The graph of f looks like this: We want a rectangle on [-2, 2] whose area is the same as the area between f and the x-axis on [-2, 2]. The height of that rectangle is the average value of f on [-2, 2]. Since this is an example, we'll try out all the options offered in the problem and see which one works. - If the average value of f were strictly between 0 and 2, we would get a picture like this.
This rectangle doesn't cover as much area as it needs to, so the average value can't be between 0 and 2. - If the average value of f were equal to 2, the rectangle still doesn't cover quite enough area. The area in the rectangle but not under f doesn't quite make up for the area under f but not in the rectangle.
- Having the average value of f strictly between 2 and 4 could work.
- The average value of f can't be 4, because that's too big. The rectangle would cover all the area between f and the x-axis on [0 ,2], and then some!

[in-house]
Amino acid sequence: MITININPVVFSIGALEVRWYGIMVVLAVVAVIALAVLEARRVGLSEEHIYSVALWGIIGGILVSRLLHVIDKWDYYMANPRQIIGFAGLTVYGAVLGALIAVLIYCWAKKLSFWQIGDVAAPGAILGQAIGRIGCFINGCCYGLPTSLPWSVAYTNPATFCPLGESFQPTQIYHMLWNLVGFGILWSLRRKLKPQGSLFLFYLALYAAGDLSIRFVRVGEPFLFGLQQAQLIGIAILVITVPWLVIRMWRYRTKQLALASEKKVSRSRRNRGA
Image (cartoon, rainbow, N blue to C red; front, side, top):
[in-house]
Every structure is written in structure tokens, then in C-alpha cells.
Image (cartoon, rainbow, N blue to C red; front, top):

This is like the story of Goldilocks and the 3 Bears. The area under m can't be too big or too small; it needs to be just right. The average value of f on [a, b] is the constant m for which the weighted area between m and the x-axis on [a, b] equals the weighted area between f and the x-axis on [a, b]. In symbols, it's the value of m for which . We know what happens when we integrate a constant m from a to b: we get m(b – a). So the average value of f on [a, b] is the value of m for which If we divide both sides by b – a we get the formula . This is the formula that shows up in most textbooks. We like the equation better because it helps us remember what the average value m is, but we admit the formula is quite handy when it comes to actually calculating average values. |